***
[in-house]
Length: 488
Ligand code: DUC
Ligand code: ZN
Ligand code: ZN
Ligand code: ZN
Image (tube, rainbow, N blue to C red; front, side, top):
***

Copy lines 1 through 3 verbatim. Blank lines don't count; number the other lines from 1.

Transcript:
[in-house]
Length: 488
Ligand code: DUC